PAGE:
asks, 'Is Kipling still relevant today?' The answer must surely be 'Yes', if only because his poetry and fiction tell us so much about the world in which he existed – a world from which our own is, in large part, descended. It is all too easy to misread an author by assuming that his opinions and those of his characters, including the narrator of the poem Gunga Din
, are identical.
I recently read, for the first time, the whole of Kipling's long poem McAndrew's Hymn
, in which he impersonates that stereotype of empire, the Scottish engineer. It contains the famous couplet:
From coupler-flange to spindle-guide I see Thy Hand, O God –
Predestination in the stride o' yon connectin'-rod.
But there is much, much more going on in the poem than stereotyping, and Kipling even makes a pretty good stab at a Scots accent and Scots vocabulary. It is certainly still worth reading and reflecting on, as is Gunga Din
Party conference season is when one starts to get nostalgic for those lost days when the parties used to go round the country to places like Margate and Southport and Bournemouth. Now it seems to depend on the size of the convention centre.
My first one was in 1967 in Scarborough, when Harold Wilson was Prime Minister and George Brown was Foreign Secretary. Labour then would hold a big conference dance – Conseratives held balls – for the delegates to which the press could go. Brown had just returned from New York where he had been photographed at a party on the Queen Mary dancing the Frug with a lady wearing a low-cut dress. The inevitable happened and the resulting photograph made the headlines.
I discovered later how easy it is to seem to behave like that because once at Chichester, the cast of the Beggar's Opera
at the end asked people from the front row to dance on stage. I found myself clutching the small Millicent Martin. I looked down at her and got the filthiest look after which our coupling concluded.
But back to Scarborough. On the way home from the dance we looked in, as was the custom, at the conference hotel just to check things were quiet. Suddenly Harold and Mary Wilson swept through the lobby looking less than pleased. They did not pause and headed up the grand staircase to their room. We were about to go when the reason for their grim faces appeared. George and Sophie in some disarray. They also went upstairs except Brown stopped halfway and leaning over the banisters told us just what he thought of the British press and the photographers who had, of course, spent the evening at the dance trying to get a repeat shot of him doing whatever it was he had done on the Queen Mary. While he ranted, the long-suffering Sophie further up the stairs kept urging him to come to bed. Nowadays, I doubt if we would have been allowed inside that hotel – security has changed where you can go – and the 'Brown In A Rant' stories would not have appeared.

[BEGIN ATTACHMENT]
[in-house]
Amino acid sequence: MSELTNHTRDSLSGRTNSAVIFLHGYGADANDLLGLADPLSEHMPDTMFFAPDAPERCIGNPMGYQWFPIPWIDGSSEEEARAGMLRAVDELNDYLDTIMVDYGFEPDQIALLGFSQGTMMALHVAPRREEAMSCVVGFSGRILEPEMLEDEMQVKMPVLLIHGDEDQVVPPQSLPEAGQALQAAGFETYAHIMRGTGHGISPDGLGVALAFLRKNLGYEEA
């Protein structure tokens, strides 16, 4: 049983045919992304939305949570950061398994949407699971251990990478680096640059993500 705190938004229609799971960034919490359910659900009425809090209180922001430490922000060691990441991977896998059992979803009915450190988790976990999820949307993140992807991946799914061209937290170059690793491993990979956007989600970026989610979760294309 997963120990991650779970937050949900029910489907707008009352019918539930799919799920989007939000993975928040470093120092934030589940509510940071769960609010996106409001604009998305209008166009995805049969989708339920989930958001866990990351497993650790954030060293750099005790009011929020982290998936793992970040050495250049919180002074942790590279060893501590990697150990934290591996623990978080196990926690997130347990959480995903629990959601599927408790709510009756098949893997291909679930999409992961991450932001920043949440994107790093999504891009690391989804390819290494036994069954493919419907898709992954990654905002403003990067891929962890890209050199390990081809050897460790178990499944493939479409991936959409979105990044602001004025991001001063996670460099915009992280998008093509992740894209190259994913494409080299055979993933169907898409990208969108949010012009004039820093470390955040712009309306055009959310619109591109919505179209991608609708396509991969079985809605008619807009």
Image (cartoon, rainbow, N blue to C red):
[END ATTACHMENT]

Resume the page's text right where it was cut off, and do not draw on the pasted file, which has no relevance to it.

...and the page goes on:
As for the other venues, it took two conferences in Blackpool, where the weather was always awful, to discover that, as well as the promenade with the famous lights, there was a second one below it before you reached the golden sands. In Bournemouth, I caught Ken Dodd doing one of his legendary lasting-long-after-midnight shows.
But the most memorable of all was my last party conference in 1984 when, just before I climbed into bed, I heard a noise like breaking glass outside on the road and decided to look out the window. I phoned the office and said that the Prime Minister's hotel had just been blown up, which is as near as I will ever get to saying 'Stop the press'. It was, of course, in Brighton where I had been lodged in the Metropole next door to the Grand Hotel. On the way home after dinner, we had resisted the temptation to go in for one last drink or we would have been sitting right under where the floors collapsed.
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